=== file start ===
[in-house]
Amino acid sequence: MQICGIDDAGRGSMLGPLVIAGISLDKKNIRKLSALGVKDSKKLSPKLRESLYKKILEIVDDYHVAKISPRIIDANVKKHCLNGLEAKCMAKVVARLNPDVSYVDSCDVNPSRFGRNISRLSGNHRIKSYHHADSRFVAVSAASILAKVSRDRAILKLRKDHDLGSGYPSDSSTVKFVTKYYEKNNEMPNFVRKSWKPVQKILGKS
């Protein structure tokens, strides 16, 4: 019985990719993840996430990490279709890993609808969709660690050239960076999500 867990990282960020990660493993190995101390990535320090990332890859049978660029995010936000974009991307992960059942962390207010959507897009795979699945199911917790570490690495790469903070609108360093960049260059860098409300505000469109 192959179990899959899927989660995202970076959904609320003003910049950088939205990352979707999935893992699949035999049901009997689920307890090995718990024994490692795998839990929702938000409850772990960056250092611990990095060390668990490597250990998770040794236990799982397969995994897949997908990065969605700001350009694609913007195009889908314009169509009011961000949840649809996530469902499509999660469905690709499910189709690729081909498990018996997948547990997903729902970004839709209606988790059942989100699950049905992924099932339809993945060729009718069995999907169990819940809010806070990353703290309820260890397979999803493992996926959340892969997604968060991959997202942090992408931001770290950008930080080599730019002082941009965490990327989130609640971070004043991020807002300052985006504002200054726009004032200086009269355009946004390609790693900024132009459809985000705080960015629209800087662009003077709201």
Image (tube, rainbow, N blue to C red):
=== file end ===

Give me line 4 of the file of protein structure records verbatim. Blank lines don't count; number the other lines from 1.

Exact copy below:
Image (tube, rainbow, N blue to C red):